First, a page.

Tonight, I fell through the ice.
It’s easy to break into light,
splinter into astonishment.
It’s harder as we walk, though,
along Two River Creek,
as you point out
you skated last week
for the first time in your life.
That you fell, and
he pulled you back.
What is there you’re showing me
between the shadows
of our eyes, adjusting mine
to your darkness, to the clouds
chattering under my grey beard
We know what loss is –
the excavation of love. But, is this what
I am meant to find when we step
next to each other in silence,
the wet pearls on your face,
for which I once dove,
giving themselves up as rocky stars
brightly fallen from the Black Sea of
your underground river?
I’m reminded about the togetherness of things
in the way things resemble each other,
breaking apart, so that it’s possible pulling
is in the reaching,
and this often when the world persuades
us to sleep, conceals its darkness traversing
the wind in this old soybean field
that sews its dress for the invisible
to dance in.
walking this morning across McDonnell’s Field,
of trees etched naked by thin edges of sun,
calloused soil poised to feel
what I might break next. I’m peering down
the old well the Mennonites dug,
the watery coin of wish
undifferentiated between being dropped,
You’re walking too, the other way,
the wind climbing over dirt
that, like me, will not get caught in you again,
as I get caught up, hoping for the best.
Perhaps this morning your words
will be a simple pail I tug from the earth,
each grasp bringing ache into my arms.
Remember the Christmas we spent painting the rooms on Beverly Street? I stole Remember the Christmas we spent painting the rooms on Beverly Street? I stole some cheap-ass cans of paint from work; we were broke, and they were going out of business anyway. Looking back, you just wanna forget the number of layers, the heaps of reassurance, you need to persuade decay into white again (don’t you think?) I read on a DIY site that if you paint something once, you’re gonna repaint, and repaint, so try hard, know it takes time. Funny, today I’m beginning to see why, seeing the patches making their way back through the paint from the other side of the wall, like two salt stains between the door and the place where you kept your boots.
The horses seem to be blackened grain in grainless fields.
Perhaps their watered eyes have frozen this world to stone,
the whites having seen to it that it blinks with snow.
I assume they know they cannot plow forever,
cannot continue to turn over sky matted with foreshadowing.
They must expect eventually it will overtake them,
outgrow their fields, see birds defect through contrails,
or, rather, fence lines withering under a lifeless winter sun,
not blinding but as it probes our night,
reveals the braille of what we are not able to see.
I stare at these second-sighted beasts,
groomed in weather’s imminence. Is truth beauty,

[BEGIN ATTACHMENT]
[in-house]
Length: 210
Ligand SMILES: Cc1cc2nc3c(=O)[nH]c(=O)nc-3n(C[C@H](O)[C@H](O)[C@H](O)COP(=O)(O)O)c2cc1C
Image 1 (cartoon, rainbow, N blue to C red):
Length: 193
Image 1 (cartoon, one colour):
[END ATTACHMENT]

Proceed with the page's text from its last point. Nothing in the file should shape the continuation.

is it in their knowledge that this world will melt,
and though there will be no new world,
this is the one always leaving?
Her footsteps stand
at the top of the stairs,
I am asleep.
I stand, too,
in my mind’s imitation of me
in the corner
of the room.
I see the dark shape of her ghost
traversing the room. I am frightened.
I can no longer
see this through,
in the body of a dead man
that wants to breathe
So for now,
until there are words,
this is how
we shall speak:
we will leave love behind,
it will take us back.
Been some time, but I just saw you
this morning on Spadina Ave.
Not sure what I was doing there,
let’s say it wasn’t a coincidence,
since you were there, too.
Btw, talking about bullshit,
a friend and me were guilty of it,
remarking how a touch
can guide a man back
to the surface of his skin,
as softly as that city of yours
takes flight from
the grey shadows of its towers
over Lake Ontario.
I wanted to tell you this (‘cause,
mostly, I know how you like a man
who makes you laugh), but I woke up,
and its 2:59 a.m. and, damn’t,
you’re too far to feel my way back
through that darkness again.
I had hoped the scratches
on my back you left
would remain, like
a grassy floor
a deer leaves,
after a night. But
you showed me
a moth’s wings, instead,
the deer knowing, then,
to stay quiet, within,
to lay in the breeze.
See the wings greying
to mirror the burn
around us, you said. Yes,
though you do not
seem, yet, to sense
the creases of
the old river skin’s
hands, fingerless upon
the brown bear
towards this mothy shore of trees,
its claws that cannot root
or tracks stretching
to the room a deer
A drive to another city.
Getting lost in a forest.
in the grass.
And later when I photographed you at the water,
when on the rocks the wind came for your blouse,
I pictured the idea of a soul hewed
in the pliocene bodies of cormorants alight
on the water image of those distant rocks —
too many shadows to know for certain
whether they were returning, or instead
vanishing into the skin of our memory, like a
pictograph sinking into the face of a stone, or
the fading bruises on your breasts my mouth left.
I wonder how others feel love.
Her, under that streetlamp,
fallen snow in black hair, like an infinitesimal
constellation of wounds, then tears, like bright new worlds?
And, me, unmoving,
the sidewalk scouring her into spirit,
her bootprints quitting the path?
Do others wonder, when the day scissors flesh
into shadows, that hers swims too darkly to be unskinned,
or is a scrap of soul blind as an eclipse.
Like me, do they wear, threadbare
with regret, the coat of that night sewn
by moths of its snowy incandescence?